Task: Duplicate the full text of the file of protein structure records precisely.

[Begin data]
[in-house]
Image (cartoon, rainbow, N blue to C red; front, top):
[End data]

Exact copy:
[in-house]
Image (cartoon, rainbow, N blue to C red; front, top):